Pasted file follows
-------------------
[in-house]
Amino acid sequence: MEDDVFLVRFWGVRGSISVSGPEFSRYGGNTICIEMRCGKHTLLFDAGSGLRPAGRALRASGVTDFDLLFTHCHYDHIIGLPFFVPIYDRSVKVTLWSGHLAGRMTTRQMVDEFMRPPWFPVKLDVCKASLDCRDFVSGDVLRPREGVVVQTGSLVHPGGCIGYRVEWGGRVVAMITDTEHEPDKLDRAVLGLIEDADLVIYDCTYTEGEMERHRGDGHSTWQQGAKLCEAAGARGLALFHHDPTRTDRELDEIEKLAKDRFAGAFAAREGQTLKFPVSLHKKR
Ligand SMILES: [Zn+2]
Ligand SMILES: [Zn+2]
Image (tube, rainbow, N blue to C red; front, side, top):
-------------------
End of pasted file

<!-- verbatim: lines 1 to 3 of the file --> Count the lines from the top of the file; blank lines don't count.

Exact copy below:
[in-house]
Amino acid sequence: MEDDVFLVRFWGVRGSISVSGPEFSRYGGNTICIEMRCGKHTLLFDAGSGLRPAGRALRASGVTDFDLLFTHCHYDHIIGLPFFVPIYDRSVKVTLWSGHLAGRMTTRQMVDEFMRPPWFPVKLDVCKASLDCRDFVSGDVLRPREGVVVQTGSLVHPGGCIGYRVEWGGRVVAMITDTEHEPDKLDRAVLGLIEDADLVIYDCTYTEGEMERHRGDGHSTWQQGAKLCEAAGARGLALFHHDPTRTDRELDEIEKLAKDRFAGAFAAREGQTLKFPVSLHKKR
Ligand SMILES: [Zn+2]